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Occupational therapy

Creative solutions and activities to help adults and children build skills, gain confidence and improve quality of life.

Occupational therapy can help if an illness, injury or disability has made it difficult for you, an adult or a child you know to manage daily life.

At Allina Health, our team of occupational therapist can help you develop the skills you need to be more independent, as well as safely meet your goals.

We offer virtual visits for this service, allowing you to see a provider from your home using a secure video connection. If this is your first appointment with a provider in this service or specialty, call 612-262-7900; if you’re a returning patient, call your Courage Kenny therapy department.  

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About occupational therapy

Occupational therapy focuses on self-care, gross- and fine-motor skills, visual motor and perceptual skills, cognitive deficits and pain management. Occupational therapists specialize in helping you resume your daily activities and increase your independence.

Occupational therapy can help with:

  • daily living tasks include dressing, feeding, cooking and laundry
  • developmental milestones
  • executive functioning including attention, memory, planning, reasoning and problem solving
  • gross motor and fine motor skills
  • handwriting and hand dexterity
  • pain management
  • school-based evaluations
  • sensory processing skills, including sensitivity training to touch, movement and noise
  • strength and coordination, like reaching, grasping and writing
  • thinking, reasoning and remembering skills, including problem solving, organization, attention span and following directions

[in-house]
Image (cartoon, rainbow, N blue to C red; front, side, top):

• visual perception and visual motor skills
  • wheelchair positioning and special equipment needs.

Therapy for children

Pediatric occupational therapy can help children with autism, cerebral palsy, speech and language disorders, spinal cord injury, traumatic brain injury and other special needs. Occupational therapists and therapy assistants can help kids learn or regain skills to be able to participate at school or work, play, drive, shop, eat or even prepare a meal.

Pediatric occupational therapy can help children with:

  • activities that promote independence
  • adaptive equipment and techniques
  • assistive technology
  • hand therapy and writing skills
  • executive thinking activities
  • feeding skills
  • fine motor control activities
  • play skills
  • sensory tolerance to sensory processing
  • transitional skills in school and life
  • upper extremity strengthening.

These and other pediatric rehabilitation services for kids are offered in a fun, friendly and safe environment through Courage Kenny Kids.

Cognitive performance testing

Cognitive performance testing (CPT) may be used to assess thinking and processing skills that are important for independent living. Therapists will observe a person's performance on tasks that are new and those that are routine. These might include setting up medications, getting information over the phone and using money to purchase a familiar item. CPT is helpful for people who have a diagnosis of mild cognitive loss and/or dementia. Caregivers are encouraged to attend the session with the individual. They are included in the review of the test results. A referral is needed for CPT.

Conditions treated

Our occupational therapists treat people with:

  • autism spectrum disorder
  • brain injury
  • cancer
  • cerebral palsy or other pediatric conditions
  • developmental delay
  • Fibromyalgia
  • lower extremity amputation
  • lymphedema
  • movement disorders such as Parkinson's disease
  • neurological disorders
  • orthopedic conditions, like recovery from total knee and hip surgeries, back and neck problems, and sprains and strains of the shoulder wrist and hand
  • post Covid-19 conditions
  • sports-related injuries, back problems and other injuries
  • spina bifida
  • spinal cord injury
  • stroke.

What you should know

A doctor's referral is needed to make a first appointment.

Occupational therapists may recommend special equipment to help you perform daily activities at home and at work. Or they may work with you to help you learn to function without equipment. They may also offer guidance to family members and caregivers who are helping you with daily activities.

Related links

Source: Courage Kenny Rehabilitation Institute
Reviewed by: Courage Kenny Rehabilitation Institute

First published: 10/3/2018
Last reviewed: 8/1/2018